Simple way of making your backpack mountable on your bike rack, without losing any backpack functionality.
What you need:
*webbing, or fabric that you really trust. Webbing is everywhere, though. You could even trim a little off of a strap off your bag. I pulled mine off of a suitcase i found in the trash
*bungee cord that isn't too long.
*bicycle with rack
*needle and high quality thread or floss
Step 1: Cut and Sew on Webbing
First off, you have to cut up some of that webbing, into 3 pieces. They don't have to be very big, really. The opening in mine is bigger than it has to be. All the top two openings have to do is allow you to pull the hook of the bungee ends through. The bottom one needs to be big enough to have 2 widths of your bungee cord through.
Make sure you sew the top two far enough apart so that it's appropriate with your rack. Racks will have cross pieces of metal, and where those intersect with the side piece is where you'll be attaching the bungee hooks. Make sure that the distance between the top and bottom webbings is slightly shorter than the distance between the top of your rack and the hook at the bottom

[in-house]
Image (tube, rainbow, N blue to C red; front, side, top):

The other thing to keep in mind is, depending on the size of your bag, you will need to offset the bottom webbing to one side or the other to prevent your heel from kicking the bag. In my bag in the picture, the bottom webbing is actually still a little to close to the center, and I need to move it maybe an inch to the right, so that when i mount it on the left side of my bike I'm not kicking it.
Sew it good and strong and make sure you use a high quality synthetic thread. Cotton threads will rot in the rain. Floss would work well, as well. I use upholstery thread, which is very strong. You can steal it at any big box fabric store, or buy it from your local fabric store.
Things that would improve the straps that differ from the picture:
*sewing over more surface area, specifically with an X in a box style. you know what i mean. A box with an X in it.
*(i will probably be doing this one) riveting into a piece of thin metal or wood or something on the inside of the bag. This will also give the bag more of a frame, if you're worried about the bag getting into your wheels.